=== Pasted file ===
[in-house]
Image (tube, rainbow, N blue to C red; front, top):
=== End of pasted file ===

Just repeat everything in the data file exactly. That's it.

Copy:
[in-house]
Image (tube, rainbow, N blue to C red; front, top):